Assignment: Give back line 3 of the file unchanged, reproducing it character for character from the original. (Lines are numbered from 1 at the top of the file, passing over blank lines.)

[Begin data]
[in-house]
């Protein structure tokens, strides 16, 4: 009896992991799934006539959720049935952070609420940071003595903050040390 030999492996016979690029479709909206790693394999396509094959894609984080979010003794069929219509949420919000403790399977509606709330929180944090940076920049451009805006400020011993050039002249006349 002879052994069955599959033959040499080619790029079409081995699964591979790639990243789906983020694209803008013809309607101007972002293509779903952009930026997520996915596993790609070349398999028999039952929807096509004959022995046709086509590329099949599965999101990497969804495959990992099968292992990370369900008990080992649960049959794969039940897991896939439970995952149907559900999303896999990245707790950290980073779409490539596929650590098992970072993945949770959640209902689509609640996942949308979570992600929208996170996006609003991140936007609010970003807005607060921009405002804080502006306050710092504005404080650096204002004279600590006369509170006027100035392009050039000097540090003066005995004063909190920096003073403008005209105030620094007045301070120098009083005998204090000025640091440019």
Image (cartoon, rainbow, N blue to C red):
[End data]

Image (cartoon, rainbow, N blue to C red):